Sandip Roy: The magic glue that holds India's democracy together





As a schoolboy in India, my Indian history textbooks always ended at midnight on Aug. 14, 1947, when the country became independent. Within a year, Mahatma Gandhi, the father of the nation, was assassinated, and everything after that fell into the realm of political science and current affairs.

In "India After Gandhi: The History of the World's Largest Democracy," historian Ramachandra Guha looks at the 60 years since independence. It is an ambitious work that takes on the world's most unwieldy nation and produces an account that's both remarkably comprehensive and yet totally accessible.
That India is the world's largest democracy is by now almost a cliche. Every general election in India generates colorful stories in the West of democracy in action - ballot boxes borne on elephant-back and the toothless old woman being carried in to cast her vote. The slightly patronizing subtext is a sense of amazed wonder that India has survived as a democracy.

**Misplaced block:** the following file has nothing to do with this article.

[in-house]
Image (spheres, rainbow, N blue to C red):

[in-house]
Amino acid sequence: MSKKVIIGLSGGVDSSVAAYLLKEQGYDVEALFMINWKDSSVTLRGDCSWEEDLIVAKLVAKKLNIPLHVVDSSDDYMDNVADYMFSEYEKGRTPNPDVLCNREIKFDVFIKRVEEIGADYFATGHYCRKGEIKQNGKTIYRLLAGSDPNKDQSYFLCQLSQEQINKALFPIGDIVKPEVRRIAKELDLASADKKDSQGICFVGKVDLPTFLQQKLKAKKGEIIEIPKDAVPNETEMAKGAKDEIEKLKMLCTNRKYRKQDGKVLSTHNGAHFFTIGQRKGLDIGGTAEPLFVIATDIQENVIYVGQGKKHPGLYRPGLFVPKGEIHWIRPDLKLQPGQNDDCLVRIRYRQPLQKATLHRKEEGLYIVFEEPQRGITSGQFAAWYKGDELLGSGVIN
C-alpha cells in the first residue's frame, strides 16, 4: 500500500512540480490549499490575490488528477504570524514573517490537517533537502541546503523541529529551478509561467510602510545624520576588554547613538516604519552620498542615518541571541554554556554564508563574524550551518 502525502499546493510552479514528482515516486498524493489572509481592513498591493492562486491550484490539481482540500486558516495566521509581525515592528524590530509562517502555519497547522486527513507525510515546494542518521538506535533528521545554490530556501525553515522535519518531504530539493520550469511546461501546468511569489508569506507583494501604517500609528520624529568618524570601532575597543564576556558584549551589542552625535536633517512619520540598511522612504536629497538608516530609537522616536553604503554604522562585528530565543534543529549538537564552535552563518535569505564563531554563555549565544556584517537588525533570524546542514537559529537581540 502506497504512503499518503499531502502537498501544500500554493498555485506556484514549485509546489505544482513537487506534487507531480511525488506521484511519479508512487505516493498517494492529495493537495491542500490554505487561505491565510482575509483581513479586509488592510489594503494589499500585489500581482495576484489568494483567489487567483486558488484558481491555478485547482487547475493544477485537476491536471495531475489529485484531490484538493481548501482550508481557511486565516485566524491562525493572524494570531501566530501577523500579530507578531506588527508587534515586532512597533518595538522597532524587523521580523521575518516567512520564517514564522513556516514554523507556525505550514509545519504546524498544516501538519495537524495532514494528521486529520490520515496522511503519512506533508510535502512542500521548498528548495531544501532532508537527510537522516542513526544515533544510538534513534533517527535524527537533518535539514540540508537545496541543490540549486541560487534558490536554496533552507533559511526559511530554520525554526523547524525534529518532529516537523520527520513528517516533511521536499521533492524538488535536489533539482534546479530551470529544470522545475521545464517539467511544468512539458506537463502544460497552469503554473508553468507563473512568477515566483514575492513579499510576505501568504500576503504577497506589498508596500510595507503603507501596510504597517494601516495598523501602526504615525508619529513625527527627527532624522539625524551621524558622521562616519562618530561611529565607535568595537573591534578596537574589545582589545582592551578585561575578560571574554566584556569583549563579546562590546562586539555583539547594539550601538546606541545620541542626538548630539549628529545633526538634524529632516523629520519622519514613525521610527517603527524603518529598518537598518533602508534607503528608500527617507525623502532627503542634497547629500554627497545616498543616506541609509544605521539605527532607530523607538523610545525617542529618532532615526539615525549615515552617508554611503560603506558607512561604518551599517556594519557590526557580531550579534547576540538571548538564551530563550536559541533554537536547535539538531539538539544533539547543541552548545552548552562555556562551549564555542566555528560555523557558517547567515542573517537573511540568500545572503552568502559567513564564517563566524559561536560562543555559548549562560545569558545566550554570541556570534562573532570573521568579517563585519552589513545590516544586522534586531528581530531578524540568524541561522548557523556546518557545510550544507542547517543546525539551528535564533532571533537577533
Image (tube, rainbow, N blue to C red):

India, Guha writes, was not supposed to last. Winston Churchill predicted that when the British left, India would fall back to "the barbarism and privations of the Middle Ages."

But it's the Soviet Union that fell apart. India, despite hiccups of autocracy, fundamentalism and violent secessionist movements, has survived as a largely secular, if slightly dented, democracy. It has done so without a common religion or language.

Guha does not quite identify the magic glue that holds India ogether (as if it could then be bottled and sold like a curry sauce to other wannabe democracies). He instead uses history to describe the audacious experiment that insisted on a one-person, one-vote democracy, despite a poor and largely illiterate population....


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